I think I can safely say that outside of the greater-New England area of the country, we are all sick and tired of reading and hearing about Tom Brady, Roger Goodell, the New England Patriots, and Deflategate. When it’s all said and done, the NFL season will get underway, just as it always has. No, instead of worrying about a team deflating footballs–in a game they won handily anyway, the NFL needs to examine its current format for their exhibition games
I understand that our country is football-obsessed. Fans count down the days from the Super Bowl until the first preseason game kicks off. But at what cost? Does it matter that Brock Osweiler looked sharp against the Seattle Seahawks in the Denver Broncos’ 22-20 victory, when everyone under the sun knows that he won’t sniff the field during the regular season as long as Peyton Manning dares to wear the orange and blue? Every season, it seems that a key player unnecessarily is injured in a game in which he shouldn’t have been playing. Oops, there goes the fantasy football team you just built for a title run.
Does the NFL truly need four exhibition games to determine the talent they will roll out Labor Day weekend in stadiums across the country? Absolutely not. Training camp used to be to get players in shape, to help them learn a new offensive or defensive system being implemented by yet another new head coach. Those days are gone. Between OTAs, off-season study sessions, and players working out all year long, training camp can and should remain what it is: weeks of training to prepare teams for the regular season. But four games? It is nothing more than a money-grab for a money-hungry league that looks to make a dollar off of every opportunity it can.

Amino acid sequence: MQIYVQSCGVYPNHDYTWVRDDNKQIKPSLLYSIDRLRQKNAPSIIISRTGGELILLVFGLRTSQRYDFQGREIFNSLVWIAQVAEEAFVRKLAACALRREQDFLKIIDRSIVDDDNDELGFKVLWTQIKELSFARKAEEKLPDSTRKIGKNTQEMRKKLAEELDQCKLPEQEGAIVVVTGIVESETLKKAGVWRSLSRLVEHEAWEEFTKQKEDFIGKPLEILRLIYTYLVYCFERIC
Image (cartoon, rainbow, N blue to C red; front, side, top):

Cut the preseason schedule down to two games. The season is long enough for players, including an extended playoff schedule, which culminates in February with the Super Bowl. Coaching staffs and scouting departments know exactly what they have on their roster. More time is spent analyzing players, their current abilities, and they projections, why risk laying out piles of bodies in games that don’t count?
Sure, injuries are a part of the game. But make it count for something. A roster has enough talent, and enough players, that by the time a player reaches the level of the NFL, teams know more about the players than the players themselves. How much money is enough for the NFL and club owners? I believe fans are split on the preseason issue. On the one hand, fans are pumped that football is back, but at the same time, they scream loud and hard when a star tailback or wide receiver goes down with a torn ACL during their two series worth of participation that week. If the NFL wants to keep the four-game layout as it currently is set up, then keep your primary group of stars and starters in street clothes. Teams know how many slots they need to fill. Let those players battle it out, and let the rest of us enjoy the starters when it actually counts.